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In This Case, Our Government Was Indeed to Blame

Summary:
Here’s a letter to the Wall Street Journal: Editor: Worried that Americans today are “overly complacent” about volatile world oil markets, Spencer Jakab reminds Americans of the 1970s’ gasoline shortages – shortages that were, according to Mr. Jakab, “caused by events halfway around the world” (“The Gas Lines of the ‘70s Are Gone, Replaced by Complacence,” May 24). But he’s mistaken. America’s gasoline shortages during the disco decade were caused by events on the Potomac. Uncle Sam’s ceilings on energy prices discouraged domestic suppliers from bringing to market the full quantities of fuel that buyers sought at those artificially low prices. It’s no surprise that there has been no nationwide shortage of gasoline since President Reagan, in one of his first acts in office, removed

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Here’s a letter to the Wall Street Journal:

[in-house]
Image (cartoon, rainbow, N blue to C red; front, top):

Editor:

Worried that Americans today are “overly complacent” about volatile world oil markets, Spencer Jakab reminds Americans of the 1970s’ gasoline shortages – shortages that were, according to Mr. Jakab, “caused by events halfway around the world” (“The Gas Lines of the ‘70s Are Gone, Replaced by Complacence,” May 24).

But he’s mistaken. America’s gasoline shortages during the disco decade were caused by events on the Potomac.

Uncle Sam’s ceilings on energy prices discouraged domestic suppliers from bringing to market the full quantities of fuel that buyers sought at those artificially low prices.

It’s no surprise that there has been no nationwide shortage of gasoline since President Reagan, in one of his first acts in office, removed those price controls.

Sincerely,
Donald J. Boudreaux
Professor of Economics
and
Martha and Nelson Getchell Chair for the Study of Free Market Capitalism at the Mercatus Center
George Mason University
Fairfax, VA  22030

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Don Boudreaux
He is a professor of economics at George Mason University in Fairfax, Virginia. Previously, he was president of the Foundation for Economic Education.

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